Other collections contain interviews by local residents. They are listed below.
Montanans at Work Oral History Project was conducted by the Montana Historical Society between 1981 and 1986. It focuses on Montanans who lived and worked in the state from 1910 to 1945. 400 interviews were conducted. The number of individual interview transcripts or summaries are provided in the inventory of interviews.
The main repository for the collection is
Montana Historical Society Research Center Archives
225 North Roberts PO Box 201201
Helena MT 59620-1201
Montana Oral History Project
Several Bonner Milltown residents were recorded as part of the Montanans at Work Oral History Project at the University of Montana, in 1982. Interviewer was Matthew Hansen unless otherwise noted. Check for availability at the Mureen and Mike Mansfield Library Archives & Special Collections Level 4.
Dufresne describes work as a teacher in Missoula County and Milltown, Montana, during the 1930s and the 1940s. She also describes the communities of Milltown and Bonner, Mont., and how they changed since the 1970s.
Charles E. Gendrow
Gendrow describes working for the Western Lumber Company sawmill at Milltown and for the Anaconda Company sawmill at Bonner. He also discusses his firefighting experiences with the U.S. Forest Service and community life in Milltown.
Mrs. Karkanen discusses community life in Milltown, Montana, 1910-1950. She describes her father's butcher business, and her work as a teacher and librarian in Milltown, including the history of the Milltown Library.
(interviewed by Laurie Mercier)
Interviewed by Laurie Mercier on 23 Apr. 1982 in Dixon, Mont., as part of the repository's Montanans at Work Oral History Project.; Topics include his work as a logger and teamster in Bonner and Milltown from 1908 into the 1930s; his work sheepherding, shearing, and lambing from the 1930s until World War II; his postwar return to logging; his involvement in the IWW; and his work for the Anaconda Copper Mining Company.
Kolppa discusses work at the Anaconda Company sawmill in Bonner (1926-1970s), the organization of the Lumber and Sawmill Workers Union in the 1940s and the Finnish community of Milltown. Other topics include the depression and Missoula, Montana.
(interviewed by Mary Melcher)
LaVoie discusses the role of the housewife from the 1920s to the 1950s and the social life in Milltown, Montana, from 1905.
Lehti discusses working for W.A. Clark, Jr. at the Western Lumber Company sawmill and as caretaker of Clark's Salmon Lake cabins; as well as the social life and some historical events of Milltown.
John and Genevieve LaForge McClellan
The McClellans discuss the community of Bonner, the growth of the Anaconda Company mill, and its effects on the community. John McClellan talks about his job as an accountant at the mill. Includes material relating to the LaForge family.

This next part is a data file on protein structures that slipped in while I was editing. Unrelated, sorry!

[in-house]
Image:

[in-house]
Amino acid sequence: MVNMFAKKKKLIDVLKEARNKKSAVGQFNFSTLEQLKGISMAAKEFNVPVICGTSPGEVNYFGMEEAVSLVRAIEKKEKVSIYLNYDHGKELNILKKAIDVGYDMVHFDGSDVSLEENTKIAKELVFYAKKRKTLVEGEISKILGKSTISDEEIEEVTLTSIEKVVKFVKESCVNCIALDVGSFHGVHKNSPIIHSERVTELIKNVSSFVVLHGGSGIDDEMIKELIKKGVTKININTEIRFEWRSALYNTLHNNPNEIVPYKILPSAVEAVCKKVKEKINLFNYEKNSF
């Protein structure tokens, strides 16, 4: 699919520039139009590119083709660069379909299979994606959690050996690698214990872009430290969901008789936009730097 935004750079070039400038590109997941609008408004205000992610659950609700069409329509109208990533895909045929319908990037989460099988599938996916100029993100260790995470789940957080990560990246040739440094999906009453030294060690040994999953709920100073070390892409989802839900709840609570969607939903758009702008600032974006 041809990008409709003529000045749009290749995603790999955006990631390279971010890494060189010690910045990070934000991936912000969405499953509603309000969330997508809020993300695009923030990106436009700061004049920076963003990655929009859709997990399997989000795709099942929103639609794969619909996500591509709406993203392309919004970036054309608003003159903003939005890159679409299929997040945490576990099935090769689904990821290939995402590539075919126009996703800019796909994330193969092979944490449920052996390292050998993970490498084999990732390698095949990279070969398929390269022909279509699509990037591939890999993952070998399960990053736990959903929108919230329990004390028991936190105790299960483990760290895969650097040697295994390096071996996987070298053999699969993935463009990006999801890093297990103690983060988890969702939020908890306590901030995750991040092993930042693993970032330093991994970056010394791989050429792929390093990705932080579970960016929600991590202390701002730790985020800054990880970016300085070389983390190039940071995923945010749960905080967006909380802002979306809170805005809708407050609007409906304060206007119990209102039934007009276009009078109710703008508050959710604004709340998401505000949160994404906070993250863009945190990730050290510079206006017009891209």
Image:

Donald Grant MacKenzie
(interviewed by Laurie Mercier)
MacKenzie discusses work as supervisor of logging operations for the Anaconda Company near the Blackfoot River. He tells of the development of this industry and the changes that occurred in the logging camps. Also includes information concerning the Industrial Workers of the World.
Burton C Nimochs
Nimochs describes work at the Anaconda Company sawmill in Bonner, Montana, and discusses the changes that unionization brought about. He also describes growing up in Bonner and life during the depression.
Donald L. Skillikorn
Skillicorn discusses work as a flunky, cook, swamper, and scaler for Anaconda Company in the Blackfoot River area from 1935 to 1959. He also describes the struggles of the Skillicorn family to survive on a small Blackfoot ranch during the depression. Also includes information concerning Don Mackenzie, supervisor of logging operations for the Anaconda Company in the Blackfoot River area.
Thibodeau discusses working for the Anaconda Company sawmill in Bonner, Montana, which later became part of Champion International, and his involvement with the Lumber and Sawmill Workers Union. He also describes the communities of Bonner and Milltown. Depression Era in Missoula Oral History Collection (Mansfield Library)
1984 Mildred Dufresne
(interviewed by Gladys M. Peterson)
Dufresne tells the effects of the depression on people in the Bonner, Montana, area and relates her own experiences teaching and homemaking during that time.
(interviewed by Gladys M. Peterson)
Karkanen describes her life in the West Riverside, Milltown, Bonner area of Montana and the effects of the Depression on her way of life.
The Milltown Oral History Project
This collection of eight oral history interviews about the Milltown, Montana area were conducted by Caitlin DeSilvey and Minie Smith in fall 2007. The interviewees discuss topics such as: Northwestern Energy and the company acquisition of Milltown Dam, life in Milltown-Bonner, working for the Anaconda Mill, moving to West Riverside, growing up in the area and the changes that have occurred in the community, memories of Clark Mill, and the relationship between Milltown and Interstate 90. The original interviews are held as Oral History collection OH-419 at Archives & Special Collections, Maureen and Mike Mansfield Library, University of Montana. This collection includes 8 interviews.
The Milltown Oral History Project has interviews with Bill Scarborough and Mike Haenke, Dennis (Lefty) Pleasant, Emmett Smith, Ilona Hangas, John Price, Leo Dufresne and Theola Dufresne, Mike Nelson and Linda Schultz Nelson, and Wilfred V. Thibodeau. Available through the Univ. of Montana Archives.